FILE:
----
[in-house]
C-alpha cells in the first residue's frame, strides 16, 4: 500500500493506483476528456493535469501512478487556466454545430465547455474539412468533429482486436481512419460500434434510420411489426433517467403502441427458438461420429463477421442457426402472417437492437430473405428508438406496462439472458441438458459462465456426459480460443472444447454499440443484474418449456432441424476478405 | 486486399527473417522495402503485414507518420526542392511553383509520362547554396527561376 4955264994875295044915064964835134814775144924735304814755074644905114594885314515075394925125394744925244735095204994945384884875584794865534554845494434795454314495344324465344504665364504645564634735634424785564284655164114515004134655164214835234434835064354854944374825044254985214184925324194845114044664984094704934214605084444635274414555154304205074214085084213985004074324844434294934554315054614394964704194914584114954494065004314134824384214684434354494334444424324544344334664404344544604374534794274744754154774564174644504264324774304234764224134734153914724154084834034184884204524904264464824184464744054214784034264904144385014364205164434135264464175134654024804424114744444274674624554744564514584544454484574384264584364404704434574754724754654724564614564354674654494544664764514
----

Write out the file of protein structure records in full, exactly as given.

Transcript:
[in-house]
C-alpha cells in the first residue's frame, strides 16, 4: 500500500493506483476528456493535469501512478487556466454545430465547455474539412468533429482486436481512419460500434434510420411489426433517467403502441427458438461420429463477421442457426402472417437492437430473405428508438406496462439472458441438458459462465456426459480460443472444447454499440443484474418449456432441424476478405 | 486486399527473417522495402503485414507518420526542392511553383509520362547554396527561376 4955264994875295044915064964835134814775144924735304814755074644905114594885314515075394925125394744925244735095204994945384884875584794865534554845494434795454314495344324465344504665364504645564634735634424785564284655164114515004134655164214835234434835064354854944374825044254985214184925324194845114044664984094704934214605084444635274414555154304205074214085084213985004074324844434294934554315054614394964704194914584114954494065004314134824384214684434354494334444424324544344334664404344544604374534794274744754154774564174644504264324774304234764224134734153914724154084834034184884204524904264464824184464744054214784034264904144385014364205164434135264464175134654024804424114744444274674624554744564514584544454484574384264584364404704434574754724754654724564614564354674654494544664764514